The SARS-CoV-2 virus has brought many changes to this country and the world at large. One change is having an effect on major metropolitan areas such as New York (including New Jersey), Philadelphia, Boston, and Chicago: a potentially momentous change in commuting habits. Until the virus hit, millions of commuters would get on a train early in the morning and head to their offices five days a week, only to return home by the same route late in the afternoon or sometime in the evening.
Having a hard job finding a seat on your train to Manhattan? You’re not alone; all of the railroads serving the metropolitan area are having trouble coping with increasing ridership, according to an article on radio station WNYC’s Transportation Nation website by Jim O’Grady, and also reported on the air on February 25. Ridership on all lines is at or close to record levels, boosted by a recovering economy and congested highways with ever-increasing tolls. There are various ways to cope with the ridership, but each of the 3 railroads serving New York’s suburbs has unique challenges. For NJ Transit, the main problem is capacity of the two-track Hudson River tunnels through which all of its trains must enter Manhattan. It’s impossible to add more trains in peak hours, so the railroad has invested in “multilevel” equipment that provides more seats, but also makes it difficult for riders to find standing space when all the seats are full, as they often are. NJT spokesperson Nancy Snyder said the railroad would buy still more multilevel cars, and would also emphasize NJT’s light-rail system, which, she said, siphons riders off the rail system and onto the PATH rapid-transit system, thus providing an alternate route into Manhattan. The Long Island Rail Road, also suffering from capacity problems, would like to make its trains longer, but many platforms won’t accommodate longer trains; riders might have to walk through several cars to reach an open door. In addition, the LIRR says that it has insufficient yard capacity to store longer or additional trains. Metro-North Railroad, the region’s third major operator, says that extra-high equipment with 2 levels of seating is not an option: the tunnels leading to the railroad’s Grand Central Terminal are too low to allow higher equipment.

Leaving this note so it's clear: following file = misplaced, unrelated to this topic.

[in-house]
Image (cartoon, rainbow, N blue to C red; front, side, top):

The Lackawanna Coalition believes that crowding on NJ Transit might be alleviated if the railroad would emphasize service to its Hoboken gateway, from which passengers can reach Manhattan via PATH and ferry services. This could be done by adding trains to Hoboken and reducing the relative cost of travel via Hoboken compared to Penn Station in Manhattan.
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